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Women in Leadership – Olympia De Castro

Our company is filled with extraordinary women. And our Women in Leadership spotlight aims to highlight the brilliant women who hold leadership positions here at Datacubed Health. This article is focused on our CFO, Olympia De Castro.  

What are the challenges women leaders face? 

I would say one of our main challenges lay in how we show up at the table. How we communicate and support each other. For some years, we have lived in a society where business acumen and success are tied to ‘male traits.’ This has built on itself, creating implicit bias about what we associate with success or leadership. It is not a surprise that studies show women who have historically mirrored male behavior often achieve success. 

Yet, I believe this paradigm is changing. We have an opportunity and a responsibility to bring the female voice and traits to the table. Personality studies, including the ‘Gender Differences in Personality Traits Across Cultures: Robust and Surprising Findings,’ have found that women reported themselves to be more anxious and risk-averse (down to earth) and agreeable and warm (empathetic). At the same time, men were higher in assertiveness (tough) and openness to ideas (conceptual/imaginative). (Costa, Terracciano & McCrae, 2001).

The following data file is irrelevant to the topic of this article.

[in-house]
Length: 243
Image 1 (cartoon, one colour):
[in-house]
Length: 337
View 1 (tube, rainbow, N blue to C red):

However, how do we lead with our innate, authentic traits? 

There is a great advantage to being a woman and thus leading as a woman. We are better at being personal oriented more capable of telling it how it is when necessary because we do so from a place of compassion, empathy, and collaborative success. 

However, the challenge is that we have few and far between role models of what it looks like to be a female leader with ‘female traits,’ making it feel like uncharted territory. This feeds into what effective communication and leadership look like. The world is adjusting to a new voice and approach to leadership. Often, I look at Madeline Albright as a model for what female leadership looks like. One of the significant points she makes is when she came forward in her delegation and said, “Well, I feel we should do something about this,” to which the other men at the table responded, “What do you mean you feel?”